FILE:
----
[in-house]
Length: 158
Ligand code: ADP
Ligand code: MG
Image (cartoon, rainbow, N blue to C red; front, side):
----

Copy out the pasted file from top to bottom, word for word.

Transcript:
[in-house]
Length: 158
Ligand code: ADP
Ligand code: MG
Image (cartoon, rainbow, N blue to C red; front, side):